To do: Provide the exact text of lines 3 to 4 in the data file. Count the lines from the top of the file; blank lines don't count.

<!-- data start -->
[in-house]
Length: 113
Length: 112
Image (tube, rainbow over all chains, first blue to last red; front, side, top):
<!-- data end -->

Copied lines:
Length: 112
Image (tube, rainbow over all chains, first blue to last red; front, side, top):